In the exhibition, everywhere I go I find some pieces of paper ripped off from a squared notebook. It is a work by Marcus Geiger who wrote the same thing on all of them: "NICHT ARBEIT"—german words in the heart of Greek people, obsessively repeated one room after another. Is unemployment also freely circulating inside the borders of the EU? How many languages does it speak already? And did we really gave up our possession, our work and families just to sit around all day long? A photograph by Krina Vronti, Looking Back, summarizes the mood of the exhibition: among our deepest fear, unemployment is already here, standing in front of us, with the t-shirts of a football player like Raul or Ronaldo, as if pretending to be some other divinity who just set foot on earth. What is surprising however is that despite the differences and the conflicts between the countries, Europe is still bound together by the familiarity with the scenario of unemployment.

If sports is the brother of labor, then art is the cousin of unemployment

Pindaros Hotel (24 Sofokleous street,  10552, Athens)

List of images: 1. The entrance of Pindaros Hotel / 2. Johann Neumeister, Amateur Boys, 2013, oil on canvas, 50 x 40 cm / 3.Selana & Krina Vronti, Untitled, 2013, c-print, 48 x 48 cm / 4. Panos Papadopoulos, Die Generation, 2011, acrylic, collage on paper, 21 x 29,7 cm / 5. Schirin Charlot (Djafar-Zadeh), ACID 2009, 2013, t-shirt, decorative crystals, dimensions variable / 6. Anna Jermolaewa, Der Weg nach oben, 2008, video, 1‘ loop / 7. Johann Neumeister, untitled (worry, don`t be happy!), 2013, oil on paper, 27 x 29,9 cm / 8. Rade Petrasevic, New York, 2012, acrylic on flag, 89 x 152 cm / 9. Rade Petrasevic, Athens, 2012, acrylic on flag, 89 x 152 cm / 10. Nino Stelzl, Doppler, 2008, photography, 90 x 60 cm / 11. Marika Konstantinidou, 1-0 Installation, 2013, installation, dimensions variable / 12. Marcus Geiger, Nicht Arbeit, 2013, pencil on paper, 21 x 15 cm / 13. Krina Vronti, looking back, 2006, photography, 56 x 79 cm / 14. Albert Mayr, Artist in Residence Program, 2013 / 15. Amalia Vekri, Kiss of the city, 2013, mixed media, dimensions variable / 16. Lakis & Aris Ionas (The Callas), East Beat, 2012, embroidery on canvas, 150 x 100 cm / 17. Paki Vlassopoulou, Never on sunday, 2013, pencil on paper, 90x 48 cm / 18. Chloe Potter, untitled #30 (from series pine tinsel), 2013, photography framed in wood, 60x80 cm / 19. Panos Papadopoulos, DJ Nothing, 2012, acrylic, collage on paper, 40 x 60 cm / 20. Kosmas Nikolaou, untitled, 2013, mixed Media, 22 x 30 cm / 21. Installation shot. Left: Elisabeth Penker, Split-Representation Ferdinand de Saussure, 2013, photocollage, spray paint. Right: Chrysanthi Koumianaki, on a political theology (1,2), 2013, iron print on textile, 310 x 100 cm / 22. Chrysanthi Koumianaki, on a political theology (1,2), 2013, iron print on textile, 310 x 100 cm / 23. Nino Stelzl, Fahne - A (work in progress), liquor on cotton, dimensions variable / 24. Katerina Kana, 3D (Divorced Depressed Detox), 2013, installation, dimensions variable / 25. Eleni Bagaki, MIRAKWLO, 2013, photocopies, green light, dimensions variable / 26. Ismini Adami, Punch Hard, 2013, c-print, 161 x 111 cm / 27. Installation shot. Left: Helmut Mark, TAKE-AWAY, 2008, photography, 50 x 50 cm. Middle: Johann Neumeister, 30.08.2013, 2013, xerox print and book, 30,5 x 35 cm. Right: Hélène van Duijne, It‘s a lot, 2013, spider mouth gag, baryte, rubber whip 90 x 13 x 5 cm / 28. Hélène van Duijne, It‘s a lot, 2013, spider mouth gag, baryte, rubber whip 90 x 13 x 5 cm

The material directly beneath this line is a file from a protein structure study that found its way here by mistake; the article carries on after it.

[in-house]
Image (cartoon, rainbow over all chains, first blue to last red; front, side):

Photos by Ilias Tsepas

Michelangelo Corsaro